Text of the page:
Jaime Woods unveils new single "Hello Morning" + plays The Deli's CMJ show at Rockwood tonight

If you saw the cover of Jaime Woods' new EP, "Troy," and thought it was an effort in nu-feminist rock, ala Tracy Chapman or Sinead O'Connor, you'd only be half wrong. Musically, she's retro-soul with a modern twist; vocal inflections recall Amy Winehouse, though the restrained singer-songwriter vibe of cuts like “How Love's Made” keep things resolutely personal and poetic. Her more recent single "Powers" (streaming below) has been resonating with thousands, online. Don't miss he performance, tonight at Rockwood Music Hall within The Deli's CMJ 2015 Showcases. - Brian Chidester

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New to NYC, from Israel: Tesha's brings her stylish synth pop to CMJ

Few things are more effective in grabbing our attention than really good press pictures, and Israeli electronic chanteuse Tesha - who recently moved to NYC - sure knows a thing or two about that. But looks are irrelevant if not supported by good music, and, in this case, support was found. Tesha plays a stylishly cinematic, vaguely jazzy form of synth pop, reminiscent of some of the less trippy trip hop bands like Lamb and Morcheeba, but entirely her own. Her voice is confident and full of character, and her comfort zone is in the downtempo side of things, which opens space for the creative electronic arrangements. On her Bandcamp profile you'll find an instrumental single and a three song EP, entitled "Crystallization," both released in 2014. We paricularly enjoyed opening track "Over the Edge" (streaming). We have three opportunities to catch her live this week within the CMJ music marathon.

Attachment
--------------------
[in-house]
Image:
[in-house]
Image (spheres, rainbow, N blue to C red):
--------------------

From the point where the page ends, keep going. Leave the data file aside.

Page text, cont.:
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NYC Negative Gemini plays three CMJ shows this week - Bowery Electric Tomorrow (10.14)

Queens-based Negative Gemini - a project started by composer/programmer Lindsey French after her hip hop group dismantled - has been getting some attention this year after the release of debut EP "Real Virtual Unison." Her electronic sound escapes the synth-pop cathegorization, borrowing insatead from the dark, tense, and drony aesthetics of the early new wave (as in the more electronic, less extreme cousin of post punk). Our favorite track "Forget Your Future" (streaming below), never lets the tension fade, flirting with dissonance, while extremely filtered vocals harmonize in a crescendo of desperation. Negative Gemini has three shows scheduled this week within the CMJ Music Marathon, the first one at Bowery Electric on Wednesday 10.14. - Photo by Julia Nichols.